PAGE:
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How Did Andrew Cuomo’s Harassment Cases Not Meet the Statutory Requirements of New York Law?

Posted 12/28/2021, by Michael Cavalier – Editor

   How Did Andrew Cuomo’s Harassment Cases Not Meet the Statutory Requirements of New York Law? How could it be that Andrew Cuomo, who was accused of touching two women inappropriately, never faced criminal charges? Apparently, the incidents don’t meet statutory requirements of the criminal laws of New York, according to Westchester County District Attorney Janet DiFiore, as reported by USA Today.

   The investigation was prompted by Andrea Stewart-Cousins, the Democratic leader in the state Senate, who said she was touched by Cuomo at an event in 2015. Cuomo denies any wrongdoing and says he doesn’t remember the incident with Stewart-Cousins. To investigate allegations of sexual misconduct, The Empire State’s laws state: A person is guilty of sexual misconduct when he or she…

   Without consent, forcibly touches the sexual or other intimate parts of another person for the purpose of degrading or abusing such person … In November, The Times reported that Mr. Cuomo was accused in two separate cases from 2013 and 2015. In one case, a woman said Mr. Cuomo tried to kiss her without her consent; in another, a staffer accused him of groping her. In neither instance did investigators find evidence to corroborate those claims. Just getting into the article, Former Governor Cuomo, said to one of the Accusers that he is Governor and he could do anything he wanted.

   In one case, a woman said that in 2014, while she was working on his campaign and preparing for a television appearance with him, he groped her and told her I’m the governor, I can do anything. The other alleged incident happened in 2003 when he was attorney general; a female employee of a nonprofit group that received state funding says he kissed her against her will. Both were staffers at that time.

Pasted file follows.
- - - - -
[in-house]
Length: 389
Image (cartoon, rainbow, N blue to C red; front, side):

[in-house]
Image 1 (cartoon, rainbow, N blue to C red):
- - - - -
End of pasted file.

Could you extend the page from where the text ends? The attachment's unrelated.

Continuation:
The Westchester County prosecutor said in a statement:

This office has conducted an extensive review of both incidents and has concluded that absent any additional new information, these crimes do not meet the statutory requirements for criminal charges. In fact, one cannot even be proven to have occurred. Upon review by my office, it is clear that there is no reasonable cause to believe a crime was committed.

   His office did not respond to TIME’s request for comment regarding whether or not they had reached out to Eric Schneiderman (New York Attorney General) or Kristen Clarke (President of National Lawyers’ Committee) before making their decision on filing charges against Cuomo.

   Many people have asked for more details on how Mr. Bharara reached his decision, which was issued just over a week after a news conference in which

Mr. Cuomo said that women who say they were victims should not be second-guessed by prosecutors. Here are four reasons — one for each of Mr. Bharara’s cases — that may help explain why no charges will be filed. (The law requires prosecutors to prove beyond a reasonable doubt that an assault occurred and that it meets certain legal standards.)

   During two incidents in 2017, according to The Associated Press, alleged victims said that Mr. Cuomo squeezed their buttocks. In one case, a woman said he grabbed her during a photo op; in another, he slapped her on her behind after she told him to stop. So how did these acts not meet statutory requirements for criminal laws? For starters, there are three different types of sexual assault charges. These include Class A misdemeanor unlawful imprisonment (which involves forcibly imprisoning or forcibly detaining someone else);

   Class B misdemeanor forcible touching (when someone touches the sexual or other intimate parts of another person with the intent to injure, degrade, or abuse); and Class D felony third-degree sexual abuse. If convicted, offenders could face up to seven years in prison and be required to register as sex offenders. But what’s important here is that neither an unwanted touch nor even slapping someone on their behind can be considered forcible touching—meaning no matter how inappropriate it may seem, none of these allegations fit within NY state’s definition of sexual assault.

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